North Carolina: The Tar Heels found a rotation late in the year that really worked. Replacing James McAdoo should be doable with incoming elite wing Justin Jackson, who lit up the McDonald’s All-American game, and returning big man Brice Johnson. The real question is perimeter depth, but the team will have three elite passing PGs. And as Connecticut and Florida showed this year, that's a formula that can work.

Connecticut: Replacing Shabazz Napier's defense might be harder than replacing his offense. Napier was an elite defensive rebounder for a guard, and he was fantastic at getting steals. The combination of NC State transfer Rodney Purvis and elite recruit Leonard Hamilton should fill in for the loss of Napier's offense, especially with Ryan Boatright easily taking over the PG role.

Virginia: A year ago I would have said Virginia would fall off a cliff when Joe Harris and Akil Mitchell graduated. But with the emergence of Malcolm Brogdon and a strong core back, Virginia should have another extremely strong season.

Villanova: Every critical player but James Bell should be back from a team that dominated the Big East.

Wichita St.: I feel like my model is under-valuing the contributions of Cleanthonly Early. But Wichita St. has four super-efficient rotation players returning (Fred Van Vleet, Darius Carter, Tekele Cotton, and Ron Baker).  And while they'll need to pick up some frontcourt size from the JUCO ranks again, that plan has worked well in recent years. Overall, Gregg Marshall is on such a role developing less heralded players, there is no reason to expect that to stop next season.

VCU: PG Briante Weber, a healthy three point shooter Melvin Johnson, and leader Treveon Graham will be back. But the best news is that Shaka Smart has finally broken into the elite recruiting game with three Top 100 freshmen coming in this year. That formula doesn't always work. Sometimes managing elite prospects is more difficult than it sounds. But on paper, this is the most athletic team Shaka Smart has ever assembled.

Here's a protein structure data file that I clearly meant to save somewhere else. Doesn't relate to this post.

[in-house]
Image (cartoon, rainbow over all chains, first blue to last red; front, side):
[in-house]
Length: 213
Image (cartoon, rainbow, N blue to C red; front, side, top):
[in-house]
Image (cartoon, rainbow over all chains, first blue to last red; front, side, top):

Louisville: Losing Russ Smith will be devastating to the offense, but you cannot under-state Smith's impact on defense too. Right now the team has enough elite recruits and returning players that the perimeter offense will be solid. But most of the young forwards are a year away from dominating at the D1 level. Thus Montrezl Harrell's NBA decision might be the most critical of any player in the country. If Harrell comes back, Louisville is a real Final Four threat. Here I project Louisville without Harrell in the lineup. Either way, I think Louisville is a team that will benefit from the simulation model when I break that out later this summer, as they have significant quality depth.

Syracuse: Based on where he is showing up in mock drafts, I'm assuming Jerami Grant declares for the draft. Even without Grant, CJ Fair, and Tyler Ennis, Syracuse still has talent. Rakeem Christmas became a better defender last year. (Jim Boeheim no longer had to give him the hook for Baye Keita nearly as often.) Chris McCullough is a quality big man recruit. And DaJuan Coleman still has the recruiting profile to say he will be a dominant player if he ever stays healthy. Michael Gbinije is a natural wing. Trevor Cooney slumped at times, but he can be a dominant shooter. And thus you can see why Jim Boeheim is so frustrated that Tyler Ennis declared for the draft. For Syracuse to stay at an elite level, they need an elite PG. Kaleb Joseph had a lower recruiting rank than Ennis, and the reality is that freshmen PGs are a big risk.